Metrakit MiniGP 50
This is Gideon’s Metrakit MiniGP 50. It’s pretty much a full sized bike, but it’s 12” wheels make it dinky enough to run on kart tracks. This bike has been round the block once or twice. It’s one of the early Metrakits, and was originally fitted with a Minarelli AM6 engine. It was modified the year before last to accept a Derbi engine. It is now sporting a Derbi bottom end but with a Metrakit barrel and head, to keep it competitive – which it is! It was set up by Scotty at Minimoto Racing on the dyno. It’s a bit of a Geronimo! setup, which sacrifices rideability for top end power, so there’s very little in the mid range, but if you keep it singing at high rpm it flies! So Gideon has to dance on that gear pedal to keep it in its power band.
These bikes have very impressive power to weight ratios – I’m not sure what it weighs, but I can pick it up (just), and it produces something like 10.5 bhp. This is channeled through the Derbi clutch and 6 speed gearbox. It has a fully adjustable (pre-load, compression and rebound damping) Bitubo shock absorber, and attaches to the strip of black stuff with two Sava race tyres.
It doesn’t have a speedo – we don’t need to know how fast it’s going! But it does have an instrument panel which shows coolant temperature and engine revs. There’s also a light that comes on to warn when the engine is coming to the top of its power band, and its time to change up!
Metrakit MiniGP 70
Gideon’s next bike is a Metrakit MiniGP 70. This is one of the latest Metrakits, and is still under a year old. It has a similar geometry and layout to the GP50, but few parts in common. The GP70 has Metrakit’s own 70cc water cooled six speed engine and hydraulic clutch, all fed by a Del Orto carburettor, and finished off with a performance Pro-Pipe. This is a fabulously poised package, with the MK engine delivering around 18 BHP at the rear wheel.
In some ways the 70 is easier to ride than the 50. The engine is less peaky, and produces usable power over a wider power band. But the extra power means it is rather harder to keep shiny side up. When the starting lights go out, Gideon is prone to leaving the grid on one wheel! And the power has to be applied carefully when exiting corners, as its easy to lose grip when there’s only a credit-card sized patch of rear tyre on the road! This really shows in the way the 70 eats tyres. Whereas we change the tyres on the 50 when they have had too many heat cycles, and we want to keep them fresh, the 70 shreds the rubber off the edges of the tyres, and wears out a set in two race meetings at most!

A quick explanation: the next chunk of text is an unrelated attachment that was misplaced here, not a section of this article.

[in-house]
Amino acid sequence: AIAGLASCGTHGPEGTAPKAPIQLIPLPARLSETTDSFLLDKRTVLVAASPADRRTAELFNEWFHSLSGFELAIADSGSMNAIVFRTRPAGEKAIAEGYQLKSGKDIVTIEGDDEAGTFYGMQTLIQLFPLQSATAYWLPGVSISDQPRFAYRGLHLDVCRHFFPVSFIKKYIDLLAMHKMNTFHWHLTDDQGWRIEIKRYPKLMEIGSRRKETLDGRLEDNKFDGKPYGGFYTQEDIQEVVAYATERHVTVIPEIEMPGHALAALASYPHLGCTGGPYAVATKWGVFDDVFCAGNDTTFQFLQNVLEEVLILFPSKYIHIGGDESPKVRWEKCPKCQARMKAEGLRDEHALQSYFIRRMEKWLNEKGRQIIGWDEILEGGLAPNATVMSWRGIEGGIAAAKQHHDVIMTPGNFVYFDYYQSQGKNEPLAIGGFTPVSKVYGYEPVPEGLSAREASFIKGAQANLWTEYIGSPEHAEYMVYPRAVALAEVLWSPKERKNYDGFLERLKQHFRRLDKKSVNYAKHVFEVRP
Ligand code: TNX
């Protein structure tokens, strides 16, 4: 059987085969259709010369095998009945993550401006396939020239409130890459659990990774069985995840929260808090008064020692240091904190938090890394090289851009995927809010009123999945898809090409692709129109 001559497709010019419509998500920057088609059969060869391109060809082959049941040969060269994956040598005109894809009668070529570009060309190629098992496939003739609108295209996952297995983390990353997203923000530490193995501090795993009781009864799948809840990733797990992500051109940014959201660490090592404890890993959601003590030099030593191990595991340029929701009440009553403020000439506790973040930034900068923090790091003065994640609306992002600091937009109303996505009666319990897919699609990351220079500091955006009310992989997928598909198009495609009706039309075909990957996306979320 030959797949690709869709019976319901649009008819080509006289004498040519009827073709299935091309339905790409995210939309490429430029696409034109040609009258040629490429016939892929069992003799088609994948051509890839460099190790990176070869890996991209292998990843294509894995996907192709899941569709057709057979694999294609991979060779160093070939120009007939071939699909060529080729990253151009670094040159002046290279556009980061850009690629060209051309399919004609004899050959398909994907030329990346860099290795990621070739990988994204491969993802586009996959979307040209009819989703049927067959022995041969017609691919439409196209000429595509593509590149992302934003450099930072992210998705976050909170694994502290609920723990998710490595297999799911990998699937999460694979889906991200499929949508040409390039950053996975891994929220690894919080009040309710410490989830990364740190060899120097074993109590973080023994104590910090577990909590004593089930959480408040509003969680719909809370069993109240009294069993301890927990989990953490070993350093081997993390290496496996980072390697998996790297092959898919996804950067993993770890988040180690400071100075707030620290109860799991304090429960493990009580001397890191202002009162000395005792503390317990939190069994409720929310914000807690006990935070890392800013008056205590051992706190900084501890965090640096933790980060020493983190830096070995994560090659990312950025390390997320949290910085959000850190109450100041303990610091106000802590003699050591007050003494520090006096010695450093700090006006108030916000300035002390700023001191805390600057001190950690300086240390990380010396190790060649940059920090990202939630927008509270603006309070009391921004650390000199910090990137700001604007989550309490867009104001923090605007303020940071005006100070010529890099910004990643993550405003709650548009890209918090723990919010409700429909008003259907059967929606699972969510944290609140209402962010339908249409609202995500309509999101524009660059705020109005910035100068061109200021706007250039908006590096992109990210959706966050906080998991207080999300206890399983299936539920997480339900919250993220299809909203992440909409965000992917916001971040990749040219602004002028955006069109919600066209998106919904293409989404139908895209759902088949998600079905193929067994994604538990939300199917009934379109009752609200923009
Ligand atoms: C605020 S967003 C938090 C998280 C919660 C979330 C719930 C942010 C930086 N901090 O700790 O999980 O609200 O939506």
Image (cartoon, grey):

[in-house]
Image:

You can see the results of some of this fun in the gallery – after some tarmac surfing at Whilton Mill we had some emergency bodywork repairs to do. Thank heavens for duct tape and fibreglass.
New for the 2012 season is Gideon’s Aprilia RS125. We’ve got two nearly identical bikes, but only one that we can use at the moment – the other needs some engine work, and the plan is to take both bikes to races later in the season.
The RS125 is a full sized road bike, with racing pedigree. The bikes are highly tuned compared to the road models, and produce over 30BHP! Shod with excellent Dunlop racing tyres, the RS is a formidable race machine, and Gideon is really looking forward to the 2012 Superteens season!
For the 2013 season Gideon is proud to be piloting the amazing Aprilia RRV450GP!
This is a thoroughbred racing machine, designed and produced by InCompetition for the Aprilia Challenge – the most successful one make series in the world. It is powered by a fabulous 450cc fuel-injected V-twin four stroke racing engine, which produces over 60BHP! This is fed through a slipper clutch and 5-speed gearbox. And the Bridgestone racing tyres are kept in contact with the tarmac with Maxton fully adjustable suspension front and rear.